In the end, Stott would’ve been well advised to stick to and elaborate on the Newton aspects of the story.  The strange deaths really did happen in Cambridge and Newton really did benefit from them.  It’s one of those times when the truth really is stranger and more interesting than fiction.

Quorren’s #CBR4 Review #44 Brids of Prey: Between Dark and Dawn by Gail Simone

This is the third volume in Gail Simone’s Birds of Prey series.  I’ve ordered the previous volumes, to do a comparison reading, for future reviews.  I want to see how much having a woman at the helm has changed the tone of the characters, as well as if Simone had any influence on the art decisions.  For my hypothesis, I’m going to guess the the writing has changed (in a good way), while the art still has women’s bodies defying physics (although Simone does sneak tongue in cheek references to the ridiculous costuming).  On the plus side, I think almost every issue has at least one panel of Black Canary stuffing her face with food; in this volume, she chowed down on a huge cheeseburger.

Anyway, in this volume, Simone splits up the trio, with Oracle sending Huntress to a cult that may be convincing impressionable teenagers to commit suicide.  Huntress meets up with another friend of the Birds, Vixen.  Vixen has also fallen victim to the brainwashing at the cult, so Huntress has to deal with creepy cultists and a women that can channel the attributes of any animal she wants (some days I really wish I could spit cobra venom into people’s faces).  Meanwhile, Oracle does fancy, magical internet stuff and connects to the cultists’ server, motherboard, laser mouse, Ethernet, I have no idea.  Once inside, she gets telepathically linked to Brainiac, who had been living in the cultist’s computer and now he wants to knock up Oracle.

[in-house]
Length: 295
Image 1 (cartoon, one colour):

Yeah, this wasn’t Simone’s strongest story.  Aside from the weird plot machinations just to get from point A to point B, the pacing was, again, too fast.  This is becoming my most common gripe about this series and I don’t know who to blame.  Is it Simone’s fault or was there pressure from DC to ramp up the action in an effort to increase sales?

Quorren’s #CBR4 Review #43 Crooked Little Vein by Warren Ellis

When Joss Whedon gives a blurb for a book, you take notice.  And then you read said book and remember that Whedon’s Midas Touch doesn’t work 10% of the time.  This book and Dollhouse fall into that 10%.

Mihcael McGill, private eye, is tasked by the US Chief of Staff to recover a piece of American history – book written with alien technology by the founding fathers that forces people to read it and abide by its code of conduct.  Nixon paid a hooker with it back in the day and since then it switches hands too frequently for the government to get a chance to seize it.  Before McGill begins his journey, he meets Trix, a sexology student who decides to follow McGill on his journey because McGill is a self-describe “shit magnet” – his cases would make a column in Playboy look on it horror.   His luck continues on the search for the book, that’s been used as currency over the years for different sexual fetishes and perversions.

This book could’ve been amazing, provided Ellis didn’t write it.  The premise is sound, but the execution is piss poor.  Ellis tried to be a modern day Hunter S. Thompson, being the gonzo voice of our counterculture’s generation.  Instead of drugs, we gorge ourselves on sex, so much so that we have to invent new and twisted ways of doing it.  It’s an interesting assessment of our culture, especially with our increasing reliance on the internet and the ever growing amount of pron one can find there.  But instead of Fear and Loathing in Las Vegas, Ellis gives us a scrambled porn channel while someone with a megaphones screams, “SEX! SEX! SEX!”, in our eardrums.  There’s no eloquence to this treatise on modern day sex culture.  In fact, he exchanged his message along the way, and settling instead on the goal to just skeeve the reader out with as many freaky sexploits as he could describe.  I feel that the premis could’ve been handled with more grace by a writer like Chuck Palahnuik, if you wanted to toe the skeevy sex line, or by Christopher Moore if you wanted to go the more humorous route.  I’m all for a more tolerant world to discuss sex in, but let’s not play the “penis game”, where whoever can say penis loudest wins.  Doing something for the sheer shock value is just plain lazy writing.

Same goes for stand-up comedy.